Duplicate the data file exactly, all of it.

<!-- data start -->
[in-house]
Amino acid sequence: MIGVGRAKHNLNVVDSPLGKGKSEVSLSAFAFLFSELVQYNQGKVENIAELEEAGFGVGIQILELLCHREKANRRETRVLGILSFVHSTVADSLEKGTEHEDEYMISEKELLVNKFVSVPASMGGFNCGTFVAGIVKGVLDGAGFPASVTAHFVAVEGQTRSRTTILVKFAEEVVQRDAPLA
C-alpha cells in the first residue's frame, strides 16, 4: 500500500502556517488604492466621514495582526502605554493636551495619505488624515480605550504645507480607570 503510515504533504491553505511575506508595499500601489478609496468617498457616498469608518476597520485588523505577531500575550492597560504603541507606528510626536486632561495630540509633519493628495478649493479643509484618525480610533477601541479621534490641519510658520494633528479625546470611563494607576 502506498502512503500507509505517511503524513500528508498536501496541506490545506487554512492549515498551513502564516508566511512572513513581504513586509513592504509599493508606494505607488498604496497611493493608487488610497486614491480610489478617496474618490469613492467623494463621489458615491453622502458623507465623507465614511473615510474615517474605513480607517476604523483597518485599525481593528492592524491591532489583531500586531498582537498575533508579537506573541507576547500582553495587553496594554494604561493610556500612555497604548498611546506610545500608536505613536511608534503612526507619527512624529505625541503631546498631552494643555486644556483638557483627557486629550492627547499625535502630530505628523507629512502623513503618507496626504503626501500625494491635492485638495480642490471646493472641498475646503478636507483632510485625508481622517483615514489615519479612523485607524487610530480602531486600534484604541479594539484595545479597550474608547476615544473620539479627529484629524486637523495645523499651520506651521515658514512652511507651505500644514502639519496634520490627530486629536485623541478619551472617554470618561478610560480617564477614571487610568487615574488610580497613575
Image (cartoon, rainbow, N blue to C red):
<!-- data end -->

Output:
[in-house]
Amino acid sequence: MIGVGRAKHNLNVVDSPLGKGKSEVSLSAFAFLFSELVQYNQGKVENIAELEEAGFGVGIQILELLCHREKANRRETRVLGILSFVHSTVADSLEKGTEHEDEYMISEKELLVNKFVSVPASMGGFNCGTFVAGIVKGVLDGAGFPASVTAHFVAVEGQTRSRTTILVKFAEEVVQRDAPLA
C-alpha cells in the first residue's frame, strides 16, 4: 500500500502556517488604492466621514495582526502605554493636551495619505488624515480605550504645507480607570 503510515504533504491553505511575506508595499500601489478609496468617498457616498469608518476597520485588523505577531500575550492597560504603541507606528510626536486632561495630540509633519493628495478649493479643509484618525480610533477601541479621534490641519510658520494633528479625546470611563494607576 502506498502512503500507509505517511503524513500528508498536501496541506490545506487554512492549515498551513502564516508566511512572513513581504513586509513592504509599493508606494505607488498604496497611493493608487488610497486614491480610489478617496474618490469613492467623494463621489458615491453622502458623507465623507465614511473615510474615517474605513480607517476604523483597518485599525481593528492592524491591532489583531500586531498582537498575533508579537506573541507576547500582553495587553496594554494604561493610556500612555497604548498611546506610545500608536505613536511608534503612526507619527512624529505625541503631546498631552494643555486644556483638557483627557486629550492627547499625535502630530505628523507629512502623513503618507496626504503626501500625494491635492485638495480642490471646493472641498475646503478636507483632510485625508481622517483615514489615519479612523485607524487610530480602531486600534484604541479594539484595545479597550474608547476615544473620539479627529484629524486637523495645523499651520506651521515658514512652511507651505500644514502639519496634520490627530486629536485623541478619551472617554470618561478610560480617564477614571487610568487615574488610580497613575
Image (cartoon, rainbow, N blue to C red):